The following letter relates the difficulties of finding work:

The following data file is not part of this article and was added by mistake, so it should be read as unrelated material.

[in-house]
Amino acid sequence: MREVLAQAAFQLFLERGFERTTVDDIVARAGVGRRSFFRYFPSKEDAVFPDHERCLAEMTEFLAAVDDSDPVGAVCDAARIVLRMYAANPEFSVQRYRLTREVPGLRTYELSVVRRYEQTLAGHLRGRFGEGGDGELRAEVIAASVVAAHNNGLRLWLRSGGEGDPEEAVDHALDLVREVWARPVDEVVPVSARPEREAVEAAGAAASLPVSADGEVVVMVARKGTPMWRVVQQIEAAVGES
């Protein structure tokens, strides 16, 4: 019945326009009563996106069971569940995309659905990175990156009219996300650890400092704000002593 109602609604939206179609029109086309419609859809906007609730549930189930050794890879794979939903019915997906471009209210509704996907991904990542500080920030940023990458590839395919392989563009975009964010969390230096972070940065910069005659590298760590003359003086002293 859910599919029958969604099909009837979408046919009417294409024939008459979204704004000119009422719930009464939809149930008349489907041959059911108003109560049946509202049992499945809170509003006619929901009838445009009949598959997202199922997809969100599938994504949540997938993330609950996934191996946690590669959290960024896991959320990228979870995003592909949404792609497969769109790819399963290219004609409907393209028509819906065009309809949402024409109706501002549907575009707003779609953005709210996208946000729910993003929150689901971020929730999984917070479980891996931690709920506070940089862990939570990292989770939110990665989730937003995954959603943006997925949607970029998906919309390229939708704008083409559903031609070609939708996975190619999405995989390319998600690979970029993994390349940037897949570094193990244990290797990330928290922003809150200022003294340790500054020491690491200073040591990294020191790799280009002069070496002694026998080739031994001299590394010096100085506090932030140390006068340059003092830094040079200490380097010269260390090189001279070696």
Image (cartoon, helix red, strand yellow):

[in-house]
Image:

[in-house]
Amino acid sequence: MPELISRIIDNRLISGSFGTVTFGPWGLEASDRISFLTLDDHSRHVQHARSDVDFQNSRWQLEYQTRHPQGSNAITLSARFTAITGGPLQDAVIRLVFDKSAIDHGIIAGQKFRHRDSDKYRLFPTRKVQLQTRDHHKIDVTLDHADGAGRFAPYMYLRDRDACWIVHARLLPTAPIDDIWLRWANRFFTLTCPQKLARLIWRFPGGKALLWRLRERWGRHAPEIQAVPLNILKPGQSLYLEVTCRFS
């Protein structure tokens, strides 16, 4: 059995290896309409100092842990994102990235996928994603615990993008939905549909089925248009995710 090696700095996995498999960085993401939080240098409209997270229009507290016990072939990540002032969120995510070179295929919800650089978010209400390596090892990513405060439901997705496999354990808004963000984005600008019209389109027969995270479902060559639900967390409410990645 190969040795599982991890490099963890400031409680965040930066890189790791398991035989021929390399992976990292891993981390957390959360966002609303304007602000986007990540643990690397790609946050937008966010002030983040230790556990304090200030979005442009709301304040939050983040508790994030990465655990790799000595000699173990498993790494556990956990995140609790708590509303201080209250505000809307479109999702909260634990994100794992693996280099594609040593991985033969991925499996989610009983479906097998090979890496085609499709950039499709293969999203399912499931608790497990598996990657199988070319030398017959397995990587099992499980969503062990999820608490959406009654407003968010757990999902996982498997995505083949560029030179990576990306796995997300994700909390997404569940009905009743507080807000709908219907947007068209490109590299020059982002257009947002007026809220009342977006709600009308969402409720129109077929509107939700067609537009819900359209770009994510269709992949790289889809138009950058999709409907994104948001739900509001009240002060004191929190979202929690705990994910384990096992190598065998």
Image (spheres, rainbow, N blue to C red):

"… It is now four months since I last saw you, and during that time I have unremittingly endeavoured to get money by all the fair means I could think of. Scarcely a day has passed without making some attempt, or without maturing some plan, and yet all of them, as if by some kind of fate, have failed. I have written all sorts of things. Very few were rejected, but none brought any return. I have endeavoured to get employment, but there is none within reach. My old place has been filled up for months, and I could not recover it without resorting to unfair means, unless by some unforeseen accident. The other two papers here are sufficiently supplied with reporters, and though ready enough to receive my writings, don't pay a farthing. There remains a paper at Marlborough to which I applied. They were quite ready to employ me, but said that, as their circulation at Swindon was very small, they could give but a small price – quoting a sum which absolutely would not buy me a dinner once a week. This was no good. Other papers further off refused entirely. As for answering advertisements, or seeking situations in other places, it was useless, from the following circumstance. In the autumn a large London paper failed, and the staff was thrown out. The consequence was, that the market became overstocked with reporters, and all vacancies were speedily filled. My next step was to try the London papers, especially the Pall Mall, with which I have had more or less connection for years. As I told you, three of the Dailies said if I were in town they could give me plenty of work, but not regular employment. In other words, one would employ me one day, another another, until an opening occurred for regular work…"